Increasing Diversity in Clinical Trials
Heart disease remains the No. 1 killer of men and women. Yet, estimates are that it is 82 percent preventable through lifestyle and efforts to stay heart healthy, according to the National Institutes of Health
What’s more, women, racial and ethnic minorities are more vulnerable to developing cardiovascular diseases. They also continue to lag behind when it comes to health outcomes, including heart attacks, stroke and related death. African Americans, for example, tend to have higher rates of diabetes, obesity, high blood pressure and untreated high cholesterol—all very powerful risk factors for cardiovascular disease and poor outcomes. As a result, African Americans have the highest rates of heart disease. Until recently, women have also had higher rates of deaths due to cardiovascular disease. When compared to men, women are less likely to survive a first heart attack, and young women have the poorest outcomes after a heart attack.
More: Understanding Clinical Trials
So what’s behind these trends? A number of factors may contribute to the health disparities among gender and racial/ethnic groups. For example:
Few research studies are designed to look specifically at heart and vascular diseases in women, older adults (75+), and among racial and ethnic minorities, yet we now know these diseases and their treatments play out differently among these groups.
Clinical trials have largely enrolled white men. Historically, participation has been low among:
- Adults ages 75 and older
- People of certain racial/ethnic groups
A typical cardiovascular clinical trial often includes many more men than women. In fact, very few studies have an enrollment that is half women. Even when research studies include women, there is evidence that sex-related differences are often not examined, even in deeper analyses of the data. In addition, more than half of trials for coronary heart disease over a decade failed to enroll any patients over 75 years old
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Other factors are at play, too, including a lack of:
trust in research studies, and questioning whether the clinician has their best interest in mind
fear of unintended outcomes, not wanting to be a “guinea pig”
care that factors in someone’s cultural values and beliefs (called culturally competent care)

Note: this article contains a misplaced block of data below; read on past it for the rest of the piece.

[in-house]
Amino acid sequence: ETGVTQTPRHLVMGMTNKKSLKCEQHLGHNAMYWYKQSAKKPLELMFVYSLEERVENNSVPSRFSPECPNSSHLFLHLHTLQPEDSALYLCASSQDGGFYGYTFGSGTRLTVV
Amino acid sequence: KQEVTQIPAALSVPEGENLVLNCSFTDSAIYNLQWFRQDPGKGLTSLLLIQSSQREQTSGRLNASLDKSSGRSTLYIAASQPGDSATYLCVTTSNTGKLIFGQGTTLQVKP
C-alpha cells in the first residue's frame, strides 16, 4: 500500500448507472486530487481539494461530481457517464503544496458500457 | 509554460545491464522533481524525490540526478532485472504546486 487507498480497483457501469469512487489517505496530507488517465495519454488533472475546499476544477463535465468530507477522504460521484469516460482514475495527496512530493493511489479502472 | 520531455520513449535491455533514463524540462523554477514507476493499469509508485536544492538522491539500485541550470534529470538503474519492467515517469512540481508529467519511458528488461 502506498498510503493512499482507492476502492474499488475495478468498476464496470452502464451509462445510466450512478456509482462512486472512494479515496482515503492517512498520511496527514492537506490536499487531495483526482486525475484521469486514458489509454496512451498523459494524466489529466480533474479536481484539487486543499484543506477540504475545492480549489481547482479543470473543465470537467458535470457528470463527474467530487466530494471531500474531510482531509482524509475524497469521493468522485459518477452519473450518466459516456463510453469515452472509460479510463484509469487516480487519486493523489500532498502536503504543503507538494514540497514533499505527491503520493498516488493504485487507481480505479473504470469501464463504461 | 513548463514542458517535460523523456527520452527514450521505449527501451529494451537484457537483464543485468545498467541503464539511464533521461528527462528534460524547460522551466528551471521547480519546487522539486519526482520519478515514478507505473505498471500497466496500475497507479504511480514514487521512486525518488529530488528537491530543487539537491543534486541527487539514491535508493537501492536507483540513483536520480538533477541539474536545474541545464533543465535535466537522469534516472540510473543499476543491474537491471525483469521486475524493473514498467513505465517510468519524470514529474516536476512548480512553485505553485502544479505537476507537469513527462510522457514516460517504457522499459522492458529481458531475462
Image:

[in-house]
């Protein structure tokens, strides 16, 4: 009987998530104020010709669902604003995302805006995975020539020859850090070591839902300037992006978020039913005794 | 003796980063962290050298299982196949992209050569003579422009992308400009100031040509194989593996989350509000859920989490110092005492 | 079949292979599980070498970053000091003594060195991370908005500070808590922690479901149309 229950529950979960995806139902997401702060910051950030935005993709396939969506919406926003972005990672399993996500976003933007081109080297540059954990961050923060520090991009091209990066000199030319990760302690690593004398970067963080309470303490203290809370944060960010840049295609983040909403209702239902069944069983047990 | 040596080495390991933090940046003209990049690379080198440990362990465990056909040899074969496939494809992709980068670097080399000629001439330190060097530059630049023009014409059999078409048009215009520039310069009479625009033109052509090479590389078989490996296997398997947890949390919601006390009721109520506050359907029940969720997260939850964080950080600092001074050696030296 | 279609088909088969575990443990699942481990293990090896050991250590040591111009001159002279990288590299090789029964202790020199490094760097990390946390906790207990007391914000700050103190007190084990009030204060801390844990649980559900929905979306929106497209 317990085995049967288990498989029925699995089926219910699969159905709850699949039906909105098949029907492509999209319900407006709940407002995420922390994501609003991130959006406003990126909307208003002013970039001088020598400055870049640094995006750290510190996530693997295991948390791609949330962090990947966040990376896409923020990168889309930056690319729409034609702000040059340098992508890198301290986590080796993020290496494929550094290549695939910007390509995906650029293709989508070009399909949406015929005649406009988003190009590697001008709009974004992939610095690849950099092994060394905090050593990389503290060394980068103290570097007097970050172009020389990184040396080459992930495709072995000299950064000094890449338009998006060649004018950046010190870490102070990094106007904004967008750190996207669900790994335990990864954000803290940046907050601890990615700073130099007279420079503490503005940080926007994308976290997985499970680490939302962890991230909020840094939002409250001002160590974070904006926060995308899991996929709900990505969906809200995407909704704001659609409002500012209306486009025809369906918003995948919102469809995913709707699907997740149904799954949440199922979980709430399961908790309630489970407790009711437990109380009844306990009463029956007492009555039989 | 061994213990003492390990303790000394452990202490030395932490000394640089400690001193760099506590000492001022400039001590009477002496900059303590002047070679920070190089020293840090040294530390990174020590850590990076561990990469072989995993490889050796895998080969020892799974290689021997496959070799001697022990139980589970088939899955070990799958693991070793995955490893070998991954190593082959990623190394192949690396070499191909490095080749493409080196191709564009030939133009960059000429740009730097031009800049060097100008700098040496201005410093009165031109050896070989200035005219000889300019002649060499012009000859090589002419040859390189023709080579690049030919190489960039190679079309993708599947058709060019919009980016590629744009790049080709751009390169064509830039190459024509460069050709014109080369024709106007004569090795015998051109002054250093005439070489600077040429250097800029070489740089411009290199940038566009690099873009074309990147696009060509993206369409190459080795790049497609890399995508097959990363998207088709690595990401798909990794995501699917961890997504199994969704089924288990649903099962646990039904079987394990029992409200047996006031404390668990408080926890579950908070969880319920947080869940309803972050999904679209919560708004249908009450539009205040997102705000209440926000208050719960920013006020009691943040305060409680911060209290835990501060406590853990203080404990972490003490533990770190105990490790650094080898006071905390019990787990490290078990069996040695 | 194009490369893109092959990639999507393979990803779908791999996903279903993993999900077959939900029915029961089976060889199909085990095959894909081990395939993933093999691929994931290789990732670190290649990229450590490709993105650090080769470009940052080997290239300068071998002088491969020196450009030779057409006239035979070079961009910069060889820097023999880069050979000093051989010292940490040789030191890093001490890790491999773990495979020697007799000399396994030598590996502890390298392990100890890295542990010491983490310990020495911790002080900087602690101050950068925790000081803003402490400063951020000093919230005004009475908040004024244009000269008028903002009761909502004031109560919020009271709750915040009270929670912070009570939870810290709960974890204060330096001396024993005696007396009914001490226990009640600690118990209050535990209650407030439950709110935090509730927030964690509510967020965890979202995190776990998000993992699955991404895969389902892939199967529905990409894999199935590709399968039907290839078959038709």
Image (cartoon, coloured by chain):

minority leadership in clinical trial investigations (only 1% of all principal investigators at NIH are African American)
access to preventive care or specialty care centers, which translates into more instances of heart disease, stroke and cancer, and fewer opportunities for being referred to clinical trials
access to safe open spaces or fresh fruits and vegetables (“built environment”)
physician awareness about the different risks (one study found only 17% of cardiologists correctly identified that women have a higher risk for heart disease than men)
“It would be great if everything we learn from clinical research could be applied to everyone. In reality, cardiovascular disease and many other conditions are not the same across genders and racial and ethnic groups, and neither are their responses to treatment.”—Martha Gulati, MD
Making Sure History Doesn’t Repeat Itself
Historically, older patients, women and racial/ethnic minorities have been underrepresented in trials. As a result, it’s often not until a large number of people start using these medications after they are approved by the Food and Drug Administration (FDA) that differences in how they work in various patient groups come to light.
Some drugs appear to affect men and women differently. Also, race and ethnicity can make a difference. For instance, to treat high blood pressure, angiotensin-converting enzyme (ACE) inhibitors have been shown in some studies to be less effective in African American patients than in white patients. There is also some evidence that our genes play a role as well, often interacting with our diets and environments. For example, it seems that African Americans may be more sensitive to the effect of salt, which raises the risk of developing high blood pressure. The same salt sensitivity has been described in patients with obesity and chronic kidney disease.